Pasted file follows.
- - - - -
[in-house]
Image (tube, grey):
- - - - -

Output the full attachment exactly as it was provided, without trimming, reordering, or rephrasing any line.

[in-house]
Image (tube, grey):